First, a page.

Most of the time, insurance companies will cover whatever the necessary procedure is, but they don’t generally cover the cost of sedation itself. Your particular plan may have an allowance for it, though, so check out the individual procedure codes and see if anything is listed. If you don’t see it, the staff at your new office can help give you a clear picture of what to expect financially. On the bright side, sedation dentistry generally allows the doctor to complete more work in each visit, so you’ll have fewer visits overall. You’ll also feel much more comfortable during them.

Rather than allowing insurance to dictate treatment, it’s better to choose your new office based on reputation and skill. Ask friends and family who they recommend, or look for online reviews. Then, check insurance coverage as a secondary measure. Even if the doctor isn’t in-network, you may still have benefits available with him. Your comfort level and results will be superior this way.  Best of luck to you.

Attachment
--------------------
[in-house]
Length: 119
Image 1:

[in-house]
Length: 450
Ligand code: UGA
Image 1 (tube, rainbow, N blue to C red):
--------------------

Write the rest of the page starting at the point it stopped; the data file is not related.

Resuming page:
This post is sponsored by Cleveland dentist Hylan Dental Care.

Problem with an old broken tooth.

About four years ago, I broke off one of my front teeth. It was almost halfway down the tooth where it had broken off. I had to get an emergency root canal done because the nerve was exposed. I was on vacation in Europe when all this happened and my regular dentist checked it all out when I got home. He agreed that the work was sufficient and put a permanent crown on the tooth. Everything was okay after that for several years.

Well, recently the same tooth is reacting to extreme hot or cold foods. I go through the roof with pain when it happens. So when I saw a new dentist, he couldn’t figure out the problem and told me to see an endodontist. The specialist told me the pain wasn’t from the old broken tooth, but the one next to it. He said I must have been stressing the other tooth out when I am sleeping.

I’m not sure these stories match up. I feel like the crowned tooth is the problem. But neither dentist can detect the problem on an x-ray. When they tap the tooth, it doesn’t hurt and the pain seems to be subsiding. Do you think I will end up losing my tooth?

– Carrie in South Carolina

Carrie,

This shouldn’t be a big dilemma for an experienced dentist.

To confirm the details of your story, first you are stating that you had a root canal treatment done at an emergency dentist appointment several years ago. That means the nerve was removed from the tooth. So there is not a possibility that the tooth will be responding to hot and cold unless the root canal wasn’t done correctly.